QCDs may be most appealing if you have few other deductions or if you are already close to your charitable deduction limitations. Because the tax-free QCD is never reported as a deduction it is not counted against the charitable limits.
Alternatively, if you are subject to an RMD and have a desire to contribute to a charity, you could take the RMD proceeds as a taxable distribution and use them to make a charitable donation. Your IRA distribution would then be reported as income, but the subsequent charitable contribution using the proceeds from the RMD would generally offset the tax consequences—to the extent that the limits and phaseouts allow it.
Certain charities are not eligible to receive QCDs, including DAFs, private foundations, and supporting organizations as described in IRC Section 509(a)(3) (i.e., charities carrying out exempt purposes by supporting other exempt organizations, usually other public charities). You are not allowed to receive any benefit in return for your charitable donation. For example, if your donation covers your cost of playing in a charitable golf tournament, your gift would not qualify as a QCD. Some smaller charities may not be equipped to handle QCDs and may prefer to receive your contributions via your DAF.
Finally, note that QCDs are limited to $100,000 in 2017, so if your RMD is larger than that, you might still need to take a conventional distribution in addition to your QCD.
Tip: Seek professional advice about QCDs. Visit Fidelity’s Learning Center for more on QCDs.
Once again, before undertaking any of these giving strategies, you should consult your legal, tax, or financial adviser. But, properly employed, each of the strategies represents a tax‐advantaged way for you to give more to your favorite charities.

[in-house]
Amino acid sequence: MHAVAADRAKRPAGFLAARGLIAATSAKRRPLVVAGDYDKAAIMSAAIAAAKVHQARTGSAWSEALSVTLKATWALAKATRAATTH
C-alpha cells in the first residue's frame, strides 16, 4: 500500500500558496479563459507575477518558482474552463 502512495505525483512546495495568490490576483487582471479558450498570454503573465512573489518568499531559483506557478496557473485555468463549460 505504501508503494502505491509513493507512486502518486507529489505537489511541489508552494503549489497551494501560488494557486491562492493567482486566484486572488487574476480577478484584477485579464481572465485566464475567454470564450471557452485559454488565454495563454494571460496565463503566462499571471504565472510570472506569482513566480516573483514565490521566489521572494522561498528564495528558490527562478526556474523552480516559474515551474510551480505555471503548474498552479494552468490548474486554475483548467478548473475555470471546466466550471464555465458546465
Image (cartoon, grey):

*Past performance is not an indicator of future results. This material is not financial advice or an offer to sell any product. The statements contained herein are solely based upon the opinions of Elevage Partners, LLC (“Elevage”). Elevage is a registered investment adviser. More information about the firm can be found in its Form ADV Part 2, which may be requested by calling (877) 922-8243 or visiting http://www.adviserinfo.sec.gov. The information contained herein is derived from sources we believe to be reliable, but which we have not independently verified. Elevage assumes no responsibility for errors, inaccuracies or omissions in this information. Elevage reserves the right to modify its current investment strategies and techniques based on changing market dynamics or client needs. The information provided in this report should not be considered a recommendation to purchase or sell any particular security. There is no assurance that any securities discussed herein will remain in an account’s portfolio at the time you receive. It should not be assumed that any of the securities transactions, holdings or sectors discussed were, or will prove to be profitable, or that the investment recommendations or decisions Elevage makes in the future will be profitable or will equal the investment performance of the securities discussed herein.